I first noticed the change in Miss Bates’ math class.  She was droning on as usual, and I slipped into daydream mode.  I had never dared to do this during one of her classes before, but these days I felt more comfortable in her presence somehow. I started doodling on some papers on my desk.  I drew a naked woman. I concentrated on getting the face to look like Karole Dodd.  I was sitting at the back of the room and barely noticed when someone passed me a sheet of paper.  I just kept doodling.  I didn’t notice that the classroom had grown eerily quiet.

It was almost the end of the class time when I heard Miss Bates say, “Please pass your test papers forward, Class.”

Then I realized: the class had been taking a test!  I shuffled through the papers on my desk and found the test paper.  None of the answers had been filled in, and now I had no time to complete—or even start—the test.  I consoled myself that Miss Bates couldn’t punish me for not doing a test; she’d just give me an F on it.  I was far enough ahead in her class that I could stand the occasional F.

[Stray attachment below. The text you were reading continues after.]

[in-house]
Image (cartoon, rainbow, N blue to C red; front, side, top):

I remembered to print my name at the top of the test sheet before I handed it forward.  Miss Bates always insisted that her students put their names on their work. It really irritated her to have to track down anonymous authors.

Miss Bates paused to skim the test papers at her desk.  I gathered up my doodles and stuffed them in my backpack.  I paused to look at one doodle, appreciating the way I had captured Karole Dodd’s face.  I had done it all from memory, so I had drawn it over and over until it came out right.  But this was not the finished drawing. Then I remembered I had drawn it on the back of the test paper when it was passed to me.

Soon Miss Bates would see the pornographic drawing with my name on it.  I hoped she wouldn’t recognize Karole Dodd’s face; I was in enough trouble as it was.  I would be lucky to only draw detention.  In the current zero tolerance climate, this was a suspending offence.  Miss Bates had a sadistic streak, too. She wouldn’t hesitate to show the drawing to the entire class.